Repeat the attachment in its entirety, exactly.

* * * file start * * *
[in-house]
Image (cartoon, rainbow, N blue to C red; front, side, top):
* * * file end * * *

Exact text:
[in-house]
Image (cartoon, rainbow, N blue to C red; front, side, top):